One might assume that Ester Ledecká would just kick back and bask in the glory after her seemingly unfathomable Olympic feat, a near miracle on snow that left anyone who has ever strapped on a pair of skis or a snowboard in utter disbelief.
Not a snowball's chance in the Czech Republic.
Ledecká pulled off one of history’s biggest upsets in Olympic skiing, speeding to a super-G gold medal from the back of the pack and as an encore, staved off a mountain of pressure to win a second gold in the snowboard parallel giant slalom. It was an unprecedented Winter Olympic double at the PyeongChang Games last February.
The 23-year-old Czech "Snow Sports Queen" has made her intentions clear that she will once again juggle ski racing and snowboarding this winter.
Ledecká finished 10th in just her 10th World Cup super-G start in Lake Louise, Alberta, last Sunday. Aiming to build upon the respectable result, the snowboard star will once again wax up her Atomic skis and race in St. Moritz, Switzerland, on Saturday.
"For me it is a little bit complicated because I also do snowboarding, so I will never ever have the same amount of training as the others, but I try to be prepared," Ledecká says.
"It is a pity that winter is not longer, or the FIS schedule is not planned for me to be able to do both sports,” she adds. “I'll have to solve every week which race I take part in."
Ledecká will swiftly swap skis in Switzerland to snowboard in Italy for two parallel giant slalom World Cups in Carezza (December 13) and Cortina d'Ampezzo (December 14-15).
"It will be hard work switching to snowboarding, but I hope we'll be able to handle everything the way we've planned," she says.
Ledecká's coaches inform that there is a tentative schedule in place considering multiple conflicting World Cup race dates, including world championships, which both fall in February. It seems anyone's best guess as to which races the enigmatic Bohemian skier/snowboarder chooses.
In snowboard parallel races, Ledecká has been dominant. The Czech is the three-time defending World Cup champion, amassing 15 victories over five seasons. In ski racing, despite her shocking Olympic triumph, she is still trying to make her mark.
"I am thinking how many downhills have I raced…10 or 11? In super-G…10? It is nothing. I have to work harder,” she says. “There are still things I can improve upon, not only in skiing, but in snowboarding too.”
Ledecka's Steamboat Springs-based snowboard coach Justin Reiter says the young athlete is extremely dedicated and a dream to work with.
"Ester has an incredible amount of drive and sometimes it's hard to get her to rest," says Reiter, a former U.S. snowboard racer and world championship silver medalist.
"She is about as low maintenance an athlete as one can imagine,” Reiter says. “This is great because it allows us to focus on training and preparation rather than red carpets and bougie hotels."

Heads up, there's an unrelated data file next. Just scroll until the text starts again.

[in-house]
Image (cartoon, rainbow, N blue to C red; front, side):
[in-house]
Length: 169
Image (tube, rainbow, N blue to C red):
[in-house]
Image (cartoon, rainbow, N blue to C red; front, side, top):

Two-time defending overall World Cup champion Mikaela Shiffrin says the Czech ski racer has impeccable technique, despite limited ski racing experience.
"She's an incredible athlete—obviously she has to be to compete in both sports so well," Shiffrin says. "I think she has a really natural feeling for speed and really great technique. Watching her ski, I wonder what everyone else is doing."
Reiter says that despite Olympic stardom, loads of new opportunities and obligations, and frequent media requests, Ester has remained cool.
"Ester is in a special, somewhat vulnerable place right now and lot of people are pulling and pressuring her," Reiter says. "The beautiful part about Ester is she doesn't give a shit. She just wants to race."
Despite her laser focus and sheer determination, Ledecka's quirky ways and unpredictability keep her coaches, team, fans and media laughing.
In PyeongChang, Ledecka was asked about the often frosty relationship between skiers and snowboarders. She summed it up succinctly, while comically feigning the motions of the two disciplines.
"When I'm with snowboarders on one side, I say ‘Damn skiers!’ And when I'm with skiers, I say, ‘Damn snowboarders!'” she says, eliciting a big laugh from the crowded room of Olympic journalists.
It appears that the free-spirited Czech will continue to serve as the world's ambassador fostering peace between participants of the contrasting mountain pastimes. But what is her ultimate motivation in trading board for skis and skis for board at the highest competitive level, and so on and so on?
"As long as I'm having fun and doing it for myself, I think I'm in a good way," Ledecka says. "Sometimes, I want to stay in bed (in the morning), but as long as I'm on the hill, I feel like I'm at home."